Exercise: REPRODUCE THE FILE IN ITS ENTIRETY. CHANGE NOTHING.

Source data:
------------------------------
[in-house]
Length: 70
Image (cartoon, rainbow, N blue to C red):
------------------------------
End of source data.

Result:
[in-house]
Length: 70
Image (cartoon, rainbow, N blue to C red):